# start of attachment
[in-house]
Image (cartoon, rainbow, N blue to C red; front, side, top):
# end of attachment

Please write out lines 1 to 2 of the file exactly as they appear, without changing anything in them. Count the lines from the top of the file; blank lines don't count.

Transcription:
[in-house]
Image (cartoon, rainbow, N blue to C red; front, side, top):